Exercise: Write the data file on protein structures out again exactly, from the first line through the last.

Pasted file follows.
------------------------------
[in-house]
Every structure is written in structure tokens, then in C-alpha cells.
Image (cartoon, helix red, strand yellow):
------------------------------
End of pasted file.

[in-house]
Every structure is written in structure tokens, then in C-alpha cells.
Image (cartoon, helix red, strand yellow):